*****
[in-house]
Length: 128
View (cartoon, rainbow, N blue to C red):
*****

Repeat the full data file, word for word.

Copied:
[in-house]
Length: 128
View (cartoon, rainbow, N blue to C red):